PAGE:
WRITER
No never


MOTHER
That’s what I thought
And yet in your drama you describe a ball
and outstandingly well at that
remarkable
so one needn’t have been to a ball
in order to be able to describe a ball outstandingly well
one needn’t be acquainted with what one describes


WRITER
Of course I have never been in a penitentiary either


MOTHER
And the way you describe it
nearly takes my breath away
You have a good faculty of intuition
and style sir
But I don’t understand a thing about it
I don’t understand a single thing about literature
but the thought of that has never troubled me
instead of how to understand literature I learned
how to add and subtract
But that was an absolute necessity
At a certain point in your life you said
can one get away with asking certain people questions


WRITER
I didn’t put it that way I said
they’ll talk if one forces them to


MOTHER
Because they are sufficiently protected


WRITER
Perhaps


MOTHER
But we live only when we ask
we exist only when we ask
even though we know
that we’ll get no answers
we never get any answers
that we can bring ourselves to accept isn’t that right


WRITER
That’s possibly right


MOTHER
At the end of life we realize
that all our life we have been asking mere questions
but have not received a single answer


WRITER
Yes it’s depressing madam


MOTHER
But we keep fabricating illusions for ourselves
we can’t believe that everything is so hopeless
that it’s all so evil
We keep presuming that it’s not all that evil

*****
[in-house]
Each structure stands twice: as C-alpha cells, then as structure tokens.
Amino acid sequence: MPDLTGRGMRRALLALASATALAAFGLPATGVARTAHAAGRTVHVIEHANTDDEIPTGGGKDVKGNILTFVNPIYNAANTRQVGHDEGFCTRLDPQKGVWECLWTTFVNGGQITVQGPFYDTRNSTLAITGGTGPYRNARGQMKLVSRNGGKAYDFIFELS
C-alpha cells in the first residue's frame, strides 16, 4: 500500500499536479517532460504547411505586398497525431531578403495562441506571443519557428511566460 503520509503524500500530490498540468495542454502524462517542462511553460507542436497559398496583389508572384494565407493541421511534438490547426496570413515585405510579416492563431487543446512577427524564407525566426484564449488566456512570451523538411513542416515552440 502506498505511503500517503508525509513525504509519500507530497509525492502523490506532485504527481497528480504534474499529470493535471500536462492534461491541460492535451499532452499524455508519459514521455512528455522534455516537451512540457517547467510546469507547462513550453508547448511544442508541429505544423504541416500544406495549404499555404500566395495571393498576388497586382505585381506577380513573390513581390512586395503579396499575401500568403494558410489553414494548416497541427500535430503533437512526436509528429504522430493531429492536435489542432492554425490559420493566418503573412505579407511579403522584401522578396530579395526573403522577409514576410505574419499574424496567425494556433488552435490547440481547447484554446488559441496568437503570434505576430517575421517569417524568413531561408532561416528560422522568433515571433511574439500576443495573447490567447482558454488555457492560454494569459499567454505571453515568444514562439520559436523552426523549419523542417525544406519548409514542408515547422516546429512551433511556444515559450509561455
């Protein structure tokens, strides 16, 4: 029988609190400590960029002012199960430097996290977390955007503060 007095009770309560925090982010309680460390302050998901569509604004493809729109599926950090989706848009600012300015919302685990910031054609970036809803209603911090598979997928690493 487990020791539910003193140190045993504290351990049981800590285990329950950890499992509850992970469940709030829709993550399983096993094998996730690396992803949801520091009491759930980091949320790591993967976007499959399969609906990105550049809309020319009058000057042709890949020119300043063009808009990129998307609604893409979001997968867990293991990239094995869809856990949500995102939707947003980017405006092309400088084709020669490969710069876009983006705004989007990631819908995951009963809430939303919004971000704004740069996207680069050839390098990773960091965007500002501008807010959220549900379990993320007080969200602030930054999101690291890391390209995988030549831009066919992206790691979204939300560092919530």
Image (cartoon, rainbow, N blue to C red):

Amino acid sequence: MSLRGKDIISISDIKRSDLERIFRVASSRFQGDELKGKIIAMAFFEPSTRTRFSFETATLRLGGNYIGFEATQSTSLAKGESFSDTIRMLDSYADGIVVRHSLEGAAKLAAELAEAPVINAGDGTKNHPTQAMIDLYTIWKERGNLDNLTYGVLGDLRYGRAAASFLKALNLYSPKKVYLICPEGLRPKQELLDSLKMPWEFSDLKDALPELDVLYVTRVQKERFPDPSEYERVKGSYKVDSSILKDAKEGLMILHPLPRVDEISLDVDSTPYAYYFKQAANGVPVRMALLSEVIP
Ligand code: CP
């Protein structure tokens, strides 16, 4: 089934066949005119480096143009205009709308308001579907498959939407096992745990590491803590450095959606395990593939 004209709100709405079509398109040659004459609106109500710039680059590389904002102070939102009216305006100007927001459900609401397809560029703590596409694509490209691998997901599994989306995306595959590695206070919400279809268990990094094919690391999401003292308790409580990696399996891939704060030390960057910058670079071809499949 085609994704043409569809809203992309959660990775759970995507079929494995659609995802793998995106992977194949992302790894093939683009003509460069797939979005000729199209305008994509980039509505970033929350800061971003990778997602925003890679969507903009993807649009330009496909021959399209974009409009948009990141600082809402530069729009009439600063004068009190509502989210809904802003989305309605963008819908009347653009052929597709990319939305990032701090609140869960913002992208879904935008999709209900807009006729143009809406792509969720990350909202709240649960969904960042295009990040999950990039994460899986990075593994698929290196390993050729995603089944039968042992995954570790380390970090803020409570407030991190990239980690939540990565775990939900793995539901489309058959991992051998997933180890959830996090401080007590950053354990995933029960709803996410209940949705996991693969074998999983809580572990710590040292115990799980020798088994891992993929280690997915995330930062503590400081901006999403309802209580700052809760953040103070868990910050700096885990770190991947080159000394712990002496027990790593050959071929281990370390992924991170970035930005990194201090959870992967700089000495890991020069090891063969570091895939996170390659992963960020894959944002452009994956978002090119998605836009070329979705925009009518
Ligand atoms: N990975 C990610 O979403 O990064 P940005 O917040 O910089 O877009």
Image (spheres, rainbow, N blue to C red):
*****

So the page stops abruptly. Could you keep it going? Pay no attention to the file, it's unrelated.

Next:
even though it’s purely evil
Do you think that’s the reason everybody has died so far
because everything is so evil
because nature is so evil


WRITER
I say as much in my new play
that people die because everything is so evil


MOTHER to her daughter
Did you hear that
those are my very thoughts
perhaps that’s why your play fascinated me so much
because you expressed my own thoughts in it
everything in the play could have come from me
even the idea could have come from me
each of your characters talks the way I talk
on the other hand it is true that all the characters
talk like you
each of your characters thinks like you and talks like you
In a very precise sense
they all speak with one voice
and each of them speaks like all the rest
in this way the whole thing attains a kind of universal quality


WRITER
Exactly right


MOTHER
We think this is typical of this person
and at the same it’s us
us as well
but this is almost spiritual
I think you’ll get along very well
with my daughter
What you think she thinks as well
but she has no opportunity
to express it publicly
Perhaps you will give her this opportunity
She says it because she thinks it
and you publish it
she and the writer laugh
For three years
we have had a piano in the next room
Can you play the piano


WRITER
I can’t play the piano


MOTHER
Almost everybody can play the piano